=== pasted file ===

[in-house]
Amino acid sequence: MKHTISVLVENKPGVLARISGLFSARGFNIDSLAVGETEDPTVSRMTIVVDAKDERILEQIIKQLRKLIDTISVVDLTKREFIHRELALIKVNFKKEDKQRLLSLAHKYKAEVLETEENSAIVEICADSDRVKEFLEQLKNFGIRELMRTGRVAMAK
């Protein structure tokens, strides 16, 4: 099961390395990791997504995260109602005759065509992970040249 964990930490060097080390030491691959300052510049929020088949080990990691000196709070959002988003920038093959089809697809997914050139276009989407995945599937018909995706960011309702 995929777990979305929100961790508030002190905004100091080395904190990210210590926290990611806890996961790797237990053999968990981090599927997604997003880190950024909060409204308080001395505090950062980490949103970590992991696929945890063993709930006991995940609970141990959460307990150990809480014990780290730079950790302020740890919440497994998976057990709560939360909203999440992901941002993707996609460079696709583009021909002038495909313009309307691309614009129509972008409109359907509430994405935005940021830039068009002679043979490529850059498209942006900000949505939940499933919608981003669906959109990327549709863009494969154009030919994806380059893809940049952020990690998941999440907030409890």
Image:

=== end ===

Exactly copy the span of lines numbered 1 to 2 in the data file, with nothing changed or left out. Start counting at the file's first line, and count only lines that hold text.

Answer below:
[in-house]
Amino acid sequence: MKHTISVLVENKPGVLARISGLFSARGFNIDSLAVGETEDPTVSRMTIVVDAKDERILEQIIKQLRKLIDTISVVDLTKREFIHRELALIKVNFKKEDKQRLLSLAHKYKAEVLETEENSAIVEICADSDRVKEFLEQLKNFGIRELMRTGRVAMAK